Red-throated Loons

Having encountered my first red-throated loons along the coast of South Carolina yesterday, I thought it might be a good time to review the nature of this bird.  This smallest member of the loon family breeds across northern Alaska, Canada and Greenland, nesting in tundra ponds and wetlands.  In winter, it is found on coastal marine waters from Alaska to the Baja and from Newfoundland to Georgia.

Red-throated loons are monogamous and both parents take part in nest building and in caring for the young.  Two eggs are generally laid in a mound of vegetation that is placed onshore or directly in shallow water; hatchlings are fed aquatic insects while the adults feed on a wide variety of fish and crustaceans.  Unlike their cousins, these smaller, thinner loons do not transport young on their backs and are able to take off from land or the water surface without a running start.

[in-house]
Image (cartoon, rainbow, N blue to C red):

While the adults lose their distinctive red and gray markings in the non-breeding season, wintering birds are identified by the white and gray pattern on their head and neck, by their slight build and by their habit of holding both their head and bill in an upturned position (in the manner of much larger cormorants).  Indeed, it was this latter behavior that first caught my attention; as veteran birders know, common species are often quickly identified by their silhouette and mannerisms and any unusual appearance or behavior demands closer inspection.